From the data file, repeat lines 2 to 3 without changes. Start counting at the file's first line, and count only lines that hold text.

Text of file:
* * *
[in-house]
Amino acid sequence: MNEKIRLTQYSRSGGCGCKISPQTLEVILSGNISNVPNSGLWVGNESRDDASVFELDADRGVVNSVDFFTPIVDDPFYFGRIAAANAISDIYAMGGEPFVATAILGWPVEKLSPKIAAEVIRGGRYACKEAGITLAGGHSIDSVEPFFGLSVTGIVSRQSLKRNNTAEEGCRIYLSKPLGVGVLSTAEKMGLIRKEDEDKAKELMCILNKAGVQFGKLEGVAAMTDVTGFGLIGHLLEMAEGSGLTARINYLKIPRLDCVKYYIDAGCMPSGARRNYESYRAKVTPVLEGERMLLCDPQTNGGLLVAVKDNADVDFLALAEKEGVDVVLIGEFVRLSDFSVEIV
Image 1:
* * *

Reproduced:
Amino acid sequence: MNEKIRLTQYSRSGGCGCKISPQTLEVILSGNISNVPNSGLWVGNESRDDASVFELDADRGVVNSVDFFTPIVDDPFYFGRIAAANAISDIYAMGGEPFVATAILGWPVEKLSPKIAAEVIRGGRYACKEAGITLAGGHSIDSVEPFFGLSVTGIVSRQSLKRNNTAEEGCRIYLSKPLGVGVLSTAEKMGLIRKEDEDKAKELMCILNKAGVQFGKLEGVAAMTDVTGFGLIGHLLEMAEGSGLTARINYLKIPRLDCVKYYIDAGCMPSGARRNYESYRAKVTPVLEGERMLLCDPQTNGGLLVAVKDNADVDFLALAEKEGVDVVLIGEFVRLSDFSVEIV
Image 1: